Tuesday, October 2, 2018

The NLRB Joint Employer Test: Much Ado About Nothing?

Robert Iofalla at Bloomberg Law has an interesting article out today looking at the number of times the NLRB's new joint-employer test in Browning-Ferris has been applied. As readers know, there has been a lot of handwringing over this test. But according to the article, it's been applied in only 14 out of almost 1,100 ALJ and Regional Director cases since it was issued in 2015. But it's unclear what that figure means.

As the article points out, there are two ways to look at this. On one hand, it may mean that Browning-Ferris isn't that big of a deal and that employers easily adjusted to the new standard or, as was likely the case for the majority of businesses, the changed standard didn't affect them in the first place. On the other hand, the number of cases invoking Browning-Ferris doesn't capture its full impact, as businesses may have made significant changes to stay in compliance. I suspect there's truth to both views. For instance, the 14 cases almost certainly doesn't capture the new rule's full impact; it's impossible to believe that far more businesses didn't at least have Browning-Ferris as a consideration when making relevant decisions since 2015. However, this also reflects that the histrionics that followed Browning-Ferris--predicting the demise of franchising and the like--were grossly exaggerated. As the Board explained in Browning-Ferris, it was returning to an earlier version of the joint-employer rule and the changes it made from the immediately prior standard were not so great that it would fundamentally change business models like franchising.

Time may tell whether we'll see further evidence of Browning-Ferris' impact. Or not, if the tea leaves are correct that the NLRB will reverse it soon.

-Jeff Hirsch

 
 

October 2, 2018 in Labor and Employment News, Labor Law | Permalink | Comments (0)

Amazon and the Fight for $15 Campaign

Two Fight for $15 stories today. The first is that Amazon has agreed to pay all of its U.S. workers at least $15 an hour. Notably, this includes part-time and temp workers. Effective November 1, this change is expected to apply to 350,000 workers (although I can't find a number on the number of those workers who currently make less than $15 an hour). Amazon is also raising pay in Britain. This follows other increases or promised increase by major companies like Target, but given Amazon's size and profile, it's unsurprising that this is making a bigger splash.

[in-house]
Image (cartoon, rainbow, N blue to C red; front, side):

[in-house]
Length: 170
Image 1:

In related news, the Fight for $15 movement has organized a series of national walkouts, rallies, and protests from October 2-4. The aim of these actions are for higher pay and to help candidates that support labor rights. Its still early, but thus far some of the more notable actions seem to be focused in the Midwest, although there are certainly others as well.

-Jeff Hirsch

October 2, 2018 in Labor and Employment News, Labor Law, Wage & Hour | Permalink | Comments (0)

Friday, September 28, 2018

Elizabeth Tippett Receives MICHAEL J. ZIMMER MEMORIAL AWARD

  Tippett

We just finished the awards ceremony at the Thirteenth Annual Colloquium on Scholarship in Employment and Labor Law being held at the University of South Carolina School of Law. It gives me great pleasure to announce that Professor Elizabeth C. Tippett (Oregon) has received the MICHAEL J. ZIMMER MEMORIAL AWARD.  This award is given to "a Rising Scholar who Values Workplace Justice and Community, and who has made Significant Contributions to the Field of Labor and Employment Law Scholarship." 

Professor Tippett exemplifies this standard, and please join us in congratulating her on this wonderful achievement!

-- Joe Seiner

 

September 28, 2018 | Permalink | Comments (0)

Joseph Slater Receives PAUL STEPHEN MILLER MEMORIAL AWARD

Slater

 

We just finished the awards ceremony at the Thirteenth Annual Colloquium on Scholarship in Employment and Labor Law being held at the University of South Carolina School of Law. It gives me great pleasure to announce that Professor Joseph E. Slater (Toledo) has received the PAUL STEPHEN MILLER MEMORIAL AWARD.  This award is given for "outstanding Academic and Public Contributions to the Field of Labor and Employment Law Scholarship."

 

Professor Slater has made countless important and meaningful contributions to our field, and is extremely well-deserving of this award.  Please Join us in congratulating him on this achievement!

 

- Joe Seiner

 

September 28, 2018 | Permalink | Comments (0)

Thursday, September 27, 2018

The NLRB's Regulation of Email